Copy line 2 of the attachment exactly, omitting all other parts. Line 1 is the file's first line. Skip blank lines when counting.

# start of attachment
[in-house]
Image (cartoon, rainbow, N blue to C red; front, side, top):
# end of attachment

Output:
Image (cartoon, rainbow, N blue to C red; front, side, top):